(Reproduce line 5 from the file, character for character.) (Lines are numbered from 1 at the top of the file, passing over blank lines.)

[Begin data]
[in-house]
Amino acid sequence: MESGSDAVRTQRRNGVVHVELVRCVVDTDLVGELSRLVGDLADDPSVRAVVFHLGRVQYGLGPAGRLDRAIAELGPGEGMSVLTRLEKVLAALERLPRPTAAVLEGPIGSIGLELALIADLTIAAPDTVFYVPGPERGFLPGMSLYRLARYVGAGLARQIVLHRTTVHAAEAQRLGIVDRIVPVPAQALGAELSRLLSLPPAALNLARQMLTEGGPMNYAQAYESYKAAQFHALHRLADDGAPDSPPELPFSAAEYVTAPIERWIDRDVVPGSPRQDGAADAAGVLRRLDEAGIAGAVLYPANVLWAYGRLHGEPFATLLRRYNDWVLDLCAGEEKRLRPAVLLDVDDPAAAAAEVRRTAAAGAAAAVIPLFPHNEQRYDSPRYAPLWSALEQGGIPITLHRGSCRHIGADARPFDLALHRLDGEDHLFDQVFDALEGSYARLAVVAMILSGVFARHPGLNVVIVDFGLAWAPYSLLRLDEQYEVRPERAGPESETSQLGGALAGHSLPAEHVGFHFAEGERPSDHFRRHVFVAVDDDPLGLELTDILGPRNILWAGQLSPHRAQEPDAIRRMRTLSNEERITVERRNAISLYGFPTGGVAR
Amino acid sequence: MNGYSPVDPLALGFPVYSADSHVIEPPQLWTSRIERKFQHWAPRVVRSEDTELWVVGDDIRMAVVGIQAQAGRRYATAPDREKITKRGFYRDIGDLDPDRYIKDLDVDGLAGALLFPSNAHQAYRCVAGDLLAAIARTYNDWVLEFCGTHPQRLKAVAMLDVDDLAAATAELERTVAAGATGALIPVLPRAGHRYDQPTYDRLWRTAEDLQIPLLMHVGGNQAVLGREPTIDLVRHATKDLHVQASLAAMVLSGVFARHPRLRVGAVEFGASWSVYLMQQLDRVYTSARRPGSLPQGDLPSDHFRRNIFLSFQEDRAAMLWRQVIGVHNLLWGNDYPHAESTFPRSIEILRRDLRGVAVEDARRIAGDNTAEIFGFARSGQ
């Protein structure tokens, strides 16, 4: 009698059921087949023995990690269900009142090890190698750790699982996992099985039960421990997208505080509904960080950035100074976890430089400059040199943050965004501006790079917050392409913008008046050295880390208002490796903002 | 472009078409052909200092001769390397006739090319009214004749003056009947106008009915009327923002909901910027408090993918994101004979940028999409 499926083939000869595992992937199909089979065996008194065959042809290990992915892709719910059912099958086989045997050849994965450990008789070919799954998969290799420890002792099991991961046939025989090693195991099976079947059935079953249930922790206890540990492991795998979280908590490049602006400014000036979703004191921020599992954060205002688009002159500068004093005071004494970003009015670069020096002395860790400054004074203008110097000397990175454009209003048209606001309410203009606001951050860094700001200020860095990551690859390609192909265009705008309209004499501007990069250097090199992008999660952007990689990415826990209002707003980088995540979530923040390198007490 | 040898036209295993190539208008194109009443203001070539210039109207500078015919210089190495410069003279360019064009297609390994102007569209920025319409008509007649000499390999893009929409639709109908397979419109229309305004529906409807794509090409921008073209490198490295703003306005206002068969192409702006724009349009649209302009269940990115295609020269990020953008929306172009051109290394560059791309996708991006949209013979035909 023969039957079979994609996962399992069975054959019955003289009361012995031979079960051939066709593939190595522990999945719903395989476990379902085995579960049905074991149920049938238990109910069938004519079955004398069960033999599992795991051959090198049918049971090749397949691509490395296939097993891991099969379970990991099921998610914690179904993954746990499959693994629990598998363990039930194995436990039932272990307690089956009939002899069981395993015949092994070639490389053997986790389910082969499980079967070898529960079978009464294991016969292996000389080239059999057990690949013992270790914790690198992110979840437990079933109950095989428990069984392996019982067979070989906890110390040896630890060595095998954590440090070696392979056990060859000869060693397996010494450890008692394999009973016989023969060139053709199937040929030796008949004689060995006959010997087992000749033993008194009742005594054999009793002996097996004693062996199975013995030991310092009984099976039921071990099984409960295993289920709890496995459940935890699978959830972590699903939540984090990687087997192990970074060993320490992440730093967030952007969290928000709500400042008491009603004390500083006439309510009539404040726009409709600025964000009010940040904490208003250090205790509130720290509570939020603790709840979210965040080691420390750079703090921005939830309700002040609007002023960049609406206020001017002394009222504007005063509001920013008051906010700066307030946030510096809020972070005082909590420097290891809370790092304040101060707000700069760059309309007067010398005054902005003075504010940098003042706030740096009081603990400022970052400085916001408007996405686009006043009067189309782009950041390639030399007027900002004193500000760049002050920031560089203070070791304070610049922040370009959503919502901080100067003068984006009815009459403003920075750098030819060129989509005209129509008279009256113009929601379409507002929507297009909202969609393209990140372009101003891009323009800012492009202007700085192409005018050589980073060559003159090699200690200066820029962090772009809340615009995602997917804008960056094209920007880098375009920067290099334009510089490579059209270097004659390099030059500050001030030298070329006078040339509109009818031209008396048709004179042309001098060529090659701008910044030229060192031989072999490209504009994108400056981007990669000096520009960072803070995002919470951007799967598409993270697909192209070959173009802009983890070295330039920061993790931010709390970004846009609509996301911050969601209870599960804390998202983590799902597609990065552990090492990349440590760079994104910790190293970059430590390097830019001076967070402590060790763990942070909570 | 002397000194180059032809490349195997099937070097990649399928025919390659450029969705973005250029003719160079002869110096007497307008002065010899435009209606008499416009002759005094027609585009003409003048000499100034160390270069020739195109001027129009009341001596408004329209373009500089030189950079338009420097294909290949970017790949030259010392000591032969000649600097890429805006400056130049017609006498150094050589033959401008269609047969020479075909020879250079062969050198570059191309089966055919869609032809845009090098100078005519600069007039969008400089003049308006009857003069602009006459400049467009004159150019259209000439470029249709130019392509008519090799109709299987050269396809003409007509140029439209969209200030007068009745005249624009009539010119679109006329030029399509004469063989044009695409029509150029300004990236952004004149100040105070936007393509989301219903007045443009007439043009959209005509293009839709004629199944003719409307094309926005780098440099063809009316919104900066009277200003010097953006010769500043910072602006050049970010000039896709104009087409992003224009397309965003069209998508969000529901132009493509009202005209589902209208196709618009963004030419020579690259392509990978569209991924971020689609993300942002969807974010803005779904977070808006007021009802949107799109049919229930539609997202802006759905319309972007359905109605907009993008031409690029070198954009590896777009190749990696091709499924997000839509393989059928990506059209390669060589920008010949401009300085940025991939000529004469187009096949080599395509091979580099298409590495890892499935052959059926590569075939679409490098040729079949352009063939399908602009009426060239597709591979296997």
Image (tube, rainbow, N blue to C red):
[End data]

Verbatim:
Image (tube, rainbow, N blue to C red):